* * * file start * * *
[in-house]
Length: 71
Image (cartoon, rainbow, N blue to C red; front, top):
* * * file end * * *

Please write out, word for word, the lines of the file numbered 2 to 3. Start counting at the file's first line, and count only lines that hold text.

Length: 71
Image (cartoon, rainbow, N blue to C red; front, top):